How Do Paleoartists Create Dinosaur Drawings?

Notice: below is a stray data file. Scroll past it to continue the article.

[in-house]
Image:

Today's episode was brought to you by the new Capital One saver card with which you can earn four percent cashback on dining and entertainment. That means four percent on checking out that new restaurant everyone's talking about and four percent on watching your team win at home. You'll also earn two percent cashback at grocery stores and one percent on all other purchases. Now when you go out you cash in what's in your wallet? Welcome to brain stuff from how stuff works. Hey, brain stuff, Lauren Bogle bomb here. Celebrated paleo artist rate troll told us an Email shared passion for an obscure topic is what binds scientists and artists. They're both curiosity driven. And he would know based in Alaska troll builds on scientific findings to create art that depicts prehistoric life through paleo. Art, fossils are revived a single drawing or sculpture can define how the public will visualize an extinct species. So paleo artists strive to keep their work as accurate as possible. A task that gets harder. When experts disagree. It's a tough job to be sure, but also a dream job for loads of fossil fans and dinosaur enthusiasts. But how do they go about creating it? First off a little history dinosaur renaissance changed the game paleo art didn't always feature. Dinosaurs all pre stork organisms from early palm trees to Willie mammoths make worthy subjects nevertheless, the fascinating reptiles were at the center of. Significant period in the history of this artform called the dinosaur. Renaissance. A prior to the nineteen sixties dinosaurs were largely written off as dimwitted tail dragging hoax. Most paleo art from the early twentieth century reflects that view, but in nineteen sixty nine Yale paleontologist, John Ostrom published a new paper on Dino Nike's, an eleven foot that's three point three meter predator. Akin to the drastic park imagining of lesser raptor, noting its long legs and sickle shaped claws Ostrom claimed. Dana Nike's was an athletic beast who ran down its prey and might have even hunted in packs. A scientist went onto popularise now widely accepted idea, but today's birds are descended from Mesozoic dinosaurs, exciting hypotheses, like these changed the discourse about how dinosaurs looked and behaved in the nineteen seventies. And eighties a growing number of artists responded by illustrating, the creatures and active dynamic poses. What followed was renewed public interest in both the study of dinosaurs into paleo art itself. But there was a problem. Bare bones and skeletons often don't tell you a whole lot about the overlying soft tissue. Hence, some paleo artists have chosen to reconstruct animals reptiles in particular as linky beasts with ultra-low body, fat skinny tails and heads that are largely devoid of cartilage or loose skin. This practice has been called shrink, wrapping. And if you couldn't tell from the moniker. It's been contentious troll broke it down for us quote. I think there are some really valid points to be made about shrink wrapping many paleo artists reluctant to jump into more speculative reconstructions preferring to play it safer. So by keeping their animal's lean and mean paleo artists can highlight known skeletal anatomy without making conjectural guesses about an soft tissues that might not have been preserved back in the dinosaur renaissance shrink wrapping was in fashion. That's no longer the case modern critics point out that living animals tend to look a lot different than you might expect. If you had nothing to go on. But they're naked skeletons troll pointed out that things like trunks ears and blubber. Don't usually. Fossil is. We also spoke by Email with Matt Celeski paleo artists and museum exhibit designer who also offered his thoughts on the issue quote. Today's paleo artists are looking more closely at the extent of soft tissue in living animals. I think this fleshing out of paleo art makes for heightened levels of believability in the reconstructions and greater diversity in the way, artists approach their subjects in other words, chunky limbs and necks and not to mention poofy. Dino feathers have gone mainstream but figuring out what those features might have looked like take some serious research to scientists skeletal drawing is one of the most useful forms of paleo. Art, an animal skeleton is usually depicted in an upright position that is standing or running and juxtaposed against a black silhouette that represents the creature's body profile. Unfortunately in the fossil record complete skeletons tend to be rare when parts are missing or broken. Scientists and artists can only speculate about what those elements looked like slutsky said every skeleton presents unique challenges, but I find the most difficult thing. Is filling in the parts, you don't know extrapolating, the shapes of missing, bones or correcting the shapes of bones that have been damaged or distorted by time. Filling in each missing piece involves a complex mix of research inference and educated guesses, and I always wonder if they're better choices than the ones I end up making. But these efforts aren't new a let me take you back to eighteen fifty three when sculptor Benjamin Waterhouse Hawkins was hired to build more than thirty full-sized concrete models of prehistoric animals for Crystal Palace park in London England, the man really did his homework consulting experts scrutinizing fossils and reviewing the scientific literature and short he was a dedicated paleo artist. One of Hawkins, Don molds had a carnivorous gut big enough to hold a table and some chairs so as a publicity stunt for his project Twenty-one guests, including paleontologist, William Buckland and servitude Owen were invited to climb down into the belly of the beast for an eight course, dinner party, the big shindig took place on New Year's Eve eighteen fifty three. Restoration projects have helped these masterworks survived to the present day. The beasts attract thousands of visitors every year, even though they're no longer deemed accurate Hawkins megalosaurus for example, stands menacingly on all fours, but scientists now think the meat eating dinosaur was bipedal nevertheless, the Victorian era giants capture the prevailing wisdom of their time. Giving them a men's cultural value prehistory matters. But so does our history. As absorbed by Mark and Chini and produced by Tyler clang, brain stuff is a production of iheartradio's how stuff works for more on this month of other well preserved topics visit our home planet peste works dot com. And for more podcasts from my heart radio. Visit the iheartradio app apple podcasts or wherever you listen to your favorite shows. Today's episode is brought to you by it could happen here. New podcast is a second American civil war possible. How would it look? And most importantly, could you survive Robert Evans, host of the hit podcast behind the bastards answers. These questions in tremendous terrifying detail in his new podcast it could happen here. Each season. He'll take a premise more commonly seen in science fiction and explain how it might be closer than you think to coming. True. Listen and subscribe at apple podcasts or on the iheartradio app or wherever you listen to podcasts.